Emerging technology opens up exciting new possibilities but it is also welcomed with apprehension, generating questions about how it will change the way we work. The very first driverless tractor made its debut this year and is set to make waves across the farming industry. But what does this mean for you? Should we be worried that all this automation is making us redundant?
In answering that question, we need to look at the things that a driverless tractor can and can’t do.
Things that driverless tractors CAN do for you
Driverless tractors boost productivity and cut down on labour costs. In theory, an autonomous tractor could ignore the clock, running independently 24 hours a day. The great thing about this technology is that it fills a very real need, saving time for farmers by freeing them up from hours of monotonous tasks like driving up and down rows of crops across thousands of acres of land to spray the paddocks, tilling the land or sewing seed.
Driverless tractors can provide additional labour when needed, because farm hands are not required all year round and aren’t easy to always hire when needed. Skilled operators like farm owners tend to fill these gaps when they could be spending their valuable time on something more profitable, or with a higher ROI. This is where automation really comes into its own.
Things that driverless tractors CAN’T do for you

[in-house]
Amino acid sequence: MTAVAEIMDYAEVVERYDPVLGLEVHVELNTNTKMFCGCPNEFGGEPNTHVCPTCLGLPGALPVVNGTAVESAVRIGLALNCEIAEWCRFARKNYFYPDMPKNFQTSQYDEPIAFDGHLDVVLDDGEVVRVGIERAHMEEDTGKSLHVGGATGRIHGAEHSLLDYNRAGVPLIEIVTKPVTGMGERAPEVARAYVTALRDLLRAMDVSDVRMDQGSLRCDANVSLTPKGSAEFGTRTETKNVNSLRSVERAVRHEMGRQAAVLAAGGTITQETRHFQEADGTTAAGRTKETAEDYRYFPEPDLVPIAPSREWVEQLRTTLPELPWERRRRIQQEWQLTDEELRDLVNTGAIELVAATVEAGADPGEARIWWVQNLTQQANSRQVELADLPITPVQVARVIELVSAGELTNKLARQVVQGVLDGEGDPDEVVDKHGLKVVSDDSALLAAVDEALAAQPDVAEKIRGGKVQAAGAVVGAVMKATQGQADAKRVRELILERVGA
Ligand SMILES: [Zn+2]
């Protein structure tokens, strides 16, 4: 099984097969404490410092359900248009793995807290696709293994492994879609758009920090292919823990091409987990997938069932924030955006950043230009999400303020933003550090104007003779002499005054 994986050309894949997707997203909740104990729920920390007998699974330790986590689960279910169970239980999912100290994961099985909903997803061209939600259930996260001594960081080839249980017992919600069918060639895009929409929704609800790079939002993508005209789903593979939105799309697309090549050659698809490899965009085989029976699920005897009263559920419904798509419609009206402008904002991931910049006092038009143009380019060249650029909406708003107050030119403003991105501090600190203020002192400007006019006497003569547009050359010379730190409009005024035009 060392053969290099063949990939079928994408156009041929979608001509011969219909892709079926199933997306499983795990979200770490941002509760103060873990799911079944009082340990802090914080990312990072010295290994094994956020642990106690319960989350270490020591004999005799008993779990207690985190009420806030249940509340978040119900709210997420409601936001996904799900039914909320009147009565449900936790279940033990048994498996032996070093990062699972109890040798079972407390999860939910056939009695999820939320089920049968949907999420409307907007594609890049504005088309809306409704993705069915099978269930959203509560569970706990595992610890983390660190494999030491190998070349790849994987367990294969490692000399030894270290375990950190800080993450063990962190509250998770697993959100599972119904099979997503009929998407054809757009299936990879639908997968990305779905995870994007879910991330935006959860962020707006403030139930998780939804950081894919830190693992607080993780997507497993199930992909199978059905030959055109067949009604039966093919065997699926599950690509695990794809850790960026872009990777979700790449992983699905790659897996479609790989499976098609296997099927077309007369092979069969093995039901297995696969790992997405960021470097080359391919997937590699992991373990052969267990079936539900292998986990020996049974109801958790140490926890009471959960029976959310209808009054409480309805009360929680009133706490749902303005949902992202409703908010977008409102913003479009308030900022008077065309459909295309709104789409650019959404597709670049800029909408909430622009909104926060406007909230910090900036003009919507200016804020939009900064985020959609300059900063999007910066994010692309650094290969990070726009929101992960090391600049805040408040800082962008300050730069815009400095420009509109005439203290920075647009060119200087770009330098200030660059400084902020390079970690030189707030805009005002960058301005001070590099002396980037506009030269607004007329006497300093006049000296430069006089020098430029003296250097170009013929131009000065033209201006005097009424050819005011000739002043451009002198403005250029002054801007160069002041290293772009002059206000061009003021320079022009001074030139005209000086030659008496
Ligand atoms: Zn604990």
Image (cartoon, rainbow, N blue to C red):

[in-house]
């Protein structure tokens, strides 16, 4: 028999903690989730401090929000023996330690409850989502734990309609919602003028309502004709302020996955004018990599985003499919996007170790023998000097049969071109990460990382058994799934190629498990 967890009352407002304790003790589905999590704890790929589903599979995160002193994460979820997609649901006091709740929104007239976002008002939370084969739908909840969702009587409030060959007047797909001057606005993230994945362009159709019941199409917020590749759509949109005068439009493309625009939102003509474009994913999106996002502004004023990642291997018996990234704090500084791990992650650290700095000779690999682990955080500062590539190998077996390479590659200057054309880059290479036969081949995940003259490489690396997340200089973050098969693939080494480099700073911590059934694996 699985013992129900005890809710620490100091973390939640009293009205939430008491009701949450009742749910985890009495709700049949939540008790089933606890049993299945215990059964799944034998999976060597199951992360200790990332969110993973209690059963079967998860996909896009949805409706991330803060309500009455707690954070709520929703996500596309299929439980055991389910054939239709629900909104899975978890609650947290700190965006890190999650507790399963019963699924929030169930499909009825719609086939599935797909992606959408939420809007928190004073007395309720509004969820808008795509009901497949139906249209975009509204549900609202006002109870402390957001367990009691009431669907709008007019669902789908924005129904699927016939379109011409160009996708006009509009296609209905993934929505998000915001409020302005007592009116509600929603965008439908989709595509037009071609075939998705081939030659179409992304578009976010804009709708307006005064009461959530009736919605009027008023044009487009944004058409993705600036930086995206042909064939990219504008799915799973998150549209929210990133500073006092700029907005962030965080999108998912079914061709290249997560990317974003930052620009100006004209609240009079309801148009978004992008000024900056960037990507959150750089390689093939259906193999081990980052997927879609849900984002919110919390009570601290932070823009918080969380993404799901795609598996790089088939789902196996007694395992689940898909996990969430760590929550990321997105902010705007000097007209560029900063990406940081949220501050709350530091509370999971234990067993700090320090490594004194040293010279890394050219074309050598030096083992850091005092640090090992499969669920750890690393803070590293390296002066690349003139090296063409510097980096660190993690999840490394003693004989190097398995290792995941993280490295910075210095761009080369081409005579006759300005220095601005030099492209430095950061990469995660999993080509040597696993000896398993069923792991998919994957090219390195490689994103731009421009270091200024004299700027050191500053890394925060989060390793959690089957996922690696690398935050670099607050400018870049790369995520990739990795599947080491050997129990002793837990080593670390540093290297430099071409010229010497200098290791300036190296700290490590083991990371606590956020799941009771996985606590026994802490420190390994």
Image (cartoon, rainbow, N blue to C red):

On the other hand, there are tasks that will always need human intervention; lifting, shifting, digging and loading are tasks that still require the skill and experience of an actual person to perform. This includes earthmoving, transporting and loading hay onto trucks or into a storage shed, lifting pallets of produce or loading a hopper with grain or fertiliser.
Another possible benefit is that the automation of monotonous tasks could encourage farm hands to upskill themselves, obtaining the knowledge and experience to operate other machinery and enabling them to perform these more skilled tasks, creating the opportunity for higher pay and a more secure and consistent source of income.
The upshot is that driverless tractors will always fill a specific need, but won’t be able to accomplish every task performed in a tractor on farm – so there’s no need to start planning for your early retirement just yet.